Arsenic-Eating Bacteria Hint at Possible ‘Shadow Biosphere’
This scanning electron micrograph shows a strain of the arsenic-eating bacterium called GFAJ-1.
Credit: Science/AAAS.

The discovery of a microbe that thrives on arsenic won't force scientists to rewrite entire biology textbooks, but some paragraphs will definitely need to be revised, experts say.

In a much-anticipated press conference yesterday (Dec. 2), researchers announced that the bacterium GFAJ-1, found in a briny California lake, doesn't just tolerate arsenic — it can incorporate the poisonous stuff into its DNA and other vital molecules in place of the usual phosphorus.

This surprising flexibility should give biologists a greater appreciation of just what life on our planet is capable of, scientists said.

"Findings like this do change our perspective of life on Earth," said Jack Gilbert, a biologist at Argonne National Laboratory and the University of Chicago who was not involved in the new research. "They show us how adaptable it is."

They also make more feasible the possibility of finding a whole shadow biosphere where life based on alternative chemicals thrives, scientists say.

Life will find a way

Life on Earth, especially microbial life, is incredibly flexible. Bacteria exploit pretty much every conceivable environment on the planet — hot or cold, oxygen-rich or oxygen-free — and they subsist on a mind-boggling array of resources. [Extremophiles: World's Weirdest Life]

But the new find, published online yesterday in the journal Science, raises this already high bar. Scientists had regarded phosphorus as one of six key ingredients — along with carbon, hydrogen, nitrogen, oxygen and sulfur — that all life on Earth needs to survive.

So finding a microbe that can dispense with phosphorus is like coming face to face with the fictional Horta beast from the science-fiction TV show "Star Trek," NASA scientist Mary Voytek said during yesterday's press conference. The Horta was based on silicon rather than carbon.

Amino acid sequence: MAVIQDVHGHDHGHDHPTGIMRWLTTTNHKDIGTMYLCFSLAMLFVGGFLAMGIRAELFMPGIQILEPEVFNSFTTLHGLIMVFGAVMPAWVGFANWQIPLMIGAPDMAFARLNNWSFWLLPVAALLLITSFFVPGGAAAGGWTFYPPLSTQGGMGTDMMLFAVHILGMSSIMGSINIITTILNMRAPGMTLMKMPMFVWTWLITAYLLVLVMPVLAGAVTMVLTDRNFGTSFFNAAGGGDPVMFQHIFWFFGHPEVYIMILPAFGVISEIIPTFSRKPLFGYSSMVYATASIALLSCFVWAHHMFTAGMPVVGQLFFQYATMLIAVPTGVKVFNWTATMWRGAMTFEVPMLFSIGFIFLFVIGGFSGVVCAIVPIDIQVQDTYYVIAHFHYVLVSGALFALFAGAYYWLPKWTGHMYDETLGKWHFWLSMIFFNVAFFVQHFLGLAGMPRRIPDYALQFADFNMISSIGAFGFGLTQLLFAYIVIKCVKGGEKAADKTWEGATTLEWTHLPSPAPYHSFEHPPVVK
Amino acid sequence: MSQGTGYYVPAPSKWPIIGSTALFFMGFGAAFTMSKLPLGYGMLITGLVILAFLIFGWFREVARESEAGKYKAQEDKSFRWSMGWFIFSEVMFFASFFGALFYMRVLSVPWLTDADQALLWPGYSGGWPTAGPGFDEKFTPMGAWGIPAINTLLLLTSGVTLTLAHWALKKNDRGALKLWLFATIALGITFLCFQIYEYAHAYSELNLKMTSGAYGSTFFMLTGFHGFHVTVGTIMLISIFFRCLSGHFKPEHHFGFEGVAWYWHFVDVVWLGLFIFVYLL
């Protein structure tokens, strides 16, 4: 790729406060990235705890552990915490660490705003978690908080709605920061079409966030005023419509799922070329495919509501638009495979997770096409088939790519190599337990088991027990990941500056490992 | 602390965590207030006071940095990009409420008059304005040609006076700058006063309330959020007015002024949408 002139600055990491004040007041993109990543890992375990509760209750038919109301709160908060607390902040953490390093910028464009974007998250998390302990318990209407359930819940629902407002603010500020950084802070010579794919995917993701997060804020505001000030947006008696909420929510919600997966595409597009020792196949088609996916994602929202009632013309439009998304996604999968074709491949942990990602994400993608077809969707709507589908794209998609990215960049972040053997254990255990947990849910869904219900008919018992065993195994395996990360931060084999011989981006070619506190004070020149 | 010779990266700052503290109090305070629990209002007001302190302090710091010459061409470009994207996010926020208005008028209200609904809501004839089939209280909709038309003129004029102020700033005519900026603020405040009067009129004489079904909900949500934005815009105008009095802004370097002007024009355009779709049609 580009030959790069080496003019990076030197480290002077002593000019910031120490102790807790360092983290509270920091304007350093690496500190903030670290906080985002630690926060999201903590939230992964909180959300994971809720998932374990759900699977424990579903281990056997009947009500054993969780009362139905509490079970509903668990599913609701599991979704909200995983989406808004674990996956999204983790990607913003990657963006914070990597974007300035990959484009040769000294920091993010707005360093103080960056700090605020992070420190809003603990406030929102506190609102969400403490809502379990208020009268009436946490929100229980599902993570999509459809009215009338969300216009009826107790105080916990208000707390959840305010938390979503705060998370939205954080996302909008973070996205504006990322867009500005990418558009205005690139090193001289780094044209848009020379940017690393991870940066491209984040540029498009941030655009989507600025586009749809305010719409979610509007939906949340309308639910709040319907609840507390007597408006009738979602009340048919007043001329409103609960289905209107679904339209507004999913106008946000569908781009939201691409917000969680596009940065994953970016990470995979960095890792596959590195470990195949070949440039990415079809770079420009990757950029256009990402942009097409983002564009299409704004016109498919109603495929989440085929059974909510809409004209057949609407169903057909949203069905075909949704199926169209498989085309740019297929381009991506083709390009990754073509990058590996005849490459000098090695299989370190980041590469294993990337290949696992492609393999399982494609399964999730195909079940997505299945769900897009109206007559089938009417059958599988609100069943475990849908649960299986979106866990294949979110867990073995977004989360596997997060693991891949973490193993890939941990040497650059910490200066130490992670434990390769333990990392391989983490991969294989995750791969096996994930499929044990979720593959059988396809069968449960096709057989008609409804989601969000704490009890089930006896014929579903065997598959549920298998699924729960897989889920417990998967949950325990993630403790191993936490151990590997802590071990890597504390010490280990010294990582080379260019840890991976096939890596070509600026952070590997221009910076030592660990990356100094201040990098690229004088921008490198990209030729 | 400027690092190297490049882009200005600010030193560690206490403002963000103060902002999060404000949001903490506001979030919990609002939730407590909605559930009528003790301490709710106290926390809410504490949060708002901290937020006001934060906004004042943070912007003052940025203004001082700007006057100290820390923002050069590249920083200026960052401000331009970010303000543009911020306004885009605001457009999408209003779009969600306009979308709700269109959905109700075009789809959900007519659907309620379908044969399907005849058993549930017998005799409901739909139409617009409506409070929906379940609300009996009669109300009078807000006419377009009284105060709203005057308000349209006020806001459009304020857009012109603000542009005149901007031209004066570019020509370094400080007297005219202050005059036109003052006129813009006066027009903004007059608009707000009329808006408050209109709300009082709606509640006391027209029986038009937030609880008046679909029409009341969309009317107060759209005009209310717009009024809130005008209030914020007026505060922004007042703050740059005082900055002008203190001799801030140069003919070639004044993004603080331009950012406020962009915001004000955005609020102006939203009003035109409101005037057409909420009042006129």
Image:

"Here we find life with an adaptation that until very recently was dismissed as implausible," said study coauthor Ariel Anbar of Arizona State University. "That's a big deal."

And GFAJ-1 may just be the tip of the iceberg, Anbar said. Study lead author Felisa Wolfe-Simon, currently a NASA astrobiology research fellow at the U.S. Geological Survey in Menlo Park, Calif., started looking hard for an arsenic-loving life-form less than two years ago.

"If one study, the first time out, can find something like this, maybe this kind of thing is more prevalent than we'd thought," Anbar told LiveScience.

The next steps

To find out how common capabilities such as GFAJ-1's are, researchers should investigate other arsenic-rich environments, Anbar said. And they should determine if microbes are swapping out phosphorus for arsenic in the field as well as the lab (the study reported in Science was lab-based). [How Does Arsenic Kill?]

Other, less extreme environments should be checked out, too, according to Anbar. It's not inconceivable that microbes like GFAJ-1 could be swimming through the soil in gardens and backyards around the world.

The new finding may also inspire researchers to look for microbes that can substitute for one of the other five core elements of life. None of these are as likely as the arsenic-phosphorus switch, Anbar said, but they may be worth a look.

Sulfur in particular may be a good candidate, according to study coauthor Ronald Oremland of the USGS in Menlo Park.

"There might be a chance of selenium substituting for sulfur," Oremland told LiveScience.

It's even possible that some life-form has found a way to replace nitrogen or — like the fictional Horta — swap out carbon for silicon.

"I still wouldn't bet on it, but it's more likely now," Anbar said.

A shadow biosphere?

GFAJ-1 can utilize phosphorus as well as arsenic. In fact, it grows faster when given phosphorus. So it's probably just extremely adaptable, not a life-form so fundamentally different as to belong to an entirely separate tree of life, researchers said.

But GFAJ-1's amazing abilities hint at an undiscovered diversity that may be out there under biologists' noses, researchers said. The find makes the prospect of a so-called "shadow biosphere" — a radiation of organisms on Earth with a different origin and evolutionary history than "normal" life — more plausible.

The confirmation of a shadow biosphere would be one of the biggest scientific discoveries of all time. It would suggest that life as we know it is not terribly special, that it can take root fairly easily. If life originated more than once on Earth, after all, the chances that it took root elsewhere in the universe would shoot up.

The new study could inspire scientists to search harder for a shadow biosphere, or at least give them more hope that one might exist.

"We haven't discovered a hidden biosphere," Oremland said. "But the possibility that one exists is a little greater now."

Mike Wall is a Senior Writer at SPACE.com, a sister site of LiveScience.